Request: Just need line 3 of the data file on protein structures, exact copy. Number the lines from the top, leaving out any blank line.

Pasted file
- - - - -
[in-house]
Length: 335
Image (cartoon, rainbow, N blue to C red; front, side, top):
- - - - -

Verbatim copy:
Image (cartoon, rainbow, N blue to C red; front, side, top):